United States Department of the Treasury, United States Customs Service (Agency) and National Treasury Employees Union (Union)

[ v57 p805 ]

57 FLRA No. 177

UNITED STATES
DEPARTMENT OF THE TREASURY
UNITED STATES CUSTOMS SERVICE
(Agency)

and

NATIONAL TREASURY EMPLOYEES UNION
(Union)

0-AR-3476

_____

DECISION

May 29, 2002

_____

Before the Authority: Dale Cabaniss, Chairman, and
Carol Waller Pope and Tony Armendariz, Members

I.     Statement of the Case

      This matter is before the Authority on exceptions to an award of Arbitrator Roger I. Abrams filed by the Agency under § 7122(a) of the Federal Service Labor-Management Relations Statute (the Statute) and part 2425 of the Authority's Regulations. The Union filed an opposition to the Agency's exceptions. [n1] 

      The Arbitrator found that the Agency removed an employee (the grievant) after the grievant had completed his probationary period, and as a result, any objections to the removal action were arbitrable under the parties' collective bargaining agreement. The Arbitrator ordered the Agency to rescind the removal and reinstate the grievant with back pay and benefits.

      For the reasons that follow, we conclude that we lack jurisdiction to review the award under § 7122(a) of the Statute. Accordingly, we dismiss the Agency's exceptions. [ v57 p806 ]

II.     Background and Arbitrator's Award

      The Agency issued a removal notice to the grievant, and the Union sought to challenge the removal. As an initial matter, the Agency and the Union disputed whether the grievant was a probationary employee when the removal became effective, thereby prohibiting the Union from grieving and arbitrating the removal under the parties' agreement. [n2]  That dispute was unresolved and the parties agreed to submit that issue to arbitration, where the parties stipulated to the following issue: "Did the [g]rievant complete his probationary period?" Initial Award at 2.

      As relevant here, the Arbitrator found that the grievant was not a probationary employee when his removal became effective. Subsequently, the Arbitrator clarified his award based on the parties' request, finding that the appropriate remedy was to reinstate the grievant, and that the Agency was then free to remove the grievant, provided that they afford him the procedural protections of a non-probationary employee. Clarified Award at 4-5.

III.     Positions of the Parties

A.     Agency's Exceptions

      The Agency asserts that the Arbitrator's finding that the grievant's removal is arbitrable is inconsistent with 5 U.S.C. § 7121(c)(4) and the parties' agreement, both of which the Agency argues preclude a probationary employee from filing a grievance over a removal action. Exceptions at 9-11. In addition, the Agency asserts that the Arbitrator's finding that the grievant was not removed prior to the completion of his probationary period is inconsistent with Merit Systems Protection Board (MSPB) case law. Id. at 11-15.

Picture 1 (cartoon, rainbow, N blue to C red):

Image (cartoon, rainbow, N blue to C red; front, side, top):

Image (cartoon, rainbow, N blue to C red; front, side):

B.     Union's Opposition

      The Union asserts that the Authority lacks jurisdiction under § 7122(a) of the Statute to resolve the Agency's exceptions. In this regard, the Union argues that the issue of whether the grievant's probationary period was completed at the time the removal became effective is integrally bound up with the challenge to the removal action, which involves whether the grievant received the procedural protections set forth in § 7513 of the Statute. Additionally, the Union asserts that the award is not inconsistent with the parties' agreement or MSPB case law.

IV.     The Authority Lacks Jurisdiction To Resolve the Agency's Exceptions

      Section 7122(a) of the Statute provides that a party may not file exceptions with the Authority to an arbitration award that "relates to" a matter described in § 7121(f). [n3]  Matters described in § 7121(f) include serious adverse actions, such as removals, which are covered under 5 U.S.C. § 4303 or § 7512 and are appealable to the MSPB and reviewable by the United States Court of Appeals for the Federal Circuit[n4]  United States Dep't of Justice, Fed. Bur. of Prisons, Fed. Det. Ctr., Miami, Fla., 57 FLRA 677, 678 (2001) (Bur. of Prisons). The Authority will determine that an award relates to a matter described in § 7121(f) when it resolves, or is "inextricably intertwined" with, a § 4303 or § 7512 matter. United States Dep't of Transp., FAA, 57 FLRA 580, 581 (2001) (FAA). In making that determination, the Authority has looked not to the outcome of the award, but to whether the claim advanced in arbitration is one that would be reviewed by the MSPB and, on appeal, by the Federal Circuit. Bur. of Prisons, 57 FLRA at 678; United States Dep't of Agric., Forest Serv., N. Region, Idaho Panhandle Nat'l Forests, 49 FLRA 1582, 1587-88 (1994); Panama Canal Comm'n, 49 FLRA 1398, 1402 (1994).

      In this case, the issue as framed by the parties and addressed by the Arbitrator was whether the grievant had completed his probationary period when his removal became effective. While the parties elected to arbitrate this issue separately and as a preliminary matter, the issue is inextricably intertwined with the Union's underlying claim challenging the removal. The issue of whether the grievant's probation period was completed is an essential element of the Union's claim concerning the removal action, as it is a necessary factor in establishing whether the grievant was entitled to the procedural protections set forth in 5 U.S.C. §§ 7512-7513. In this regard, the MSPB routinely resolves the issue of whether or not an employee is probationary in [ v57 p807 ] addressing challenges to removal actions. See Hardy v.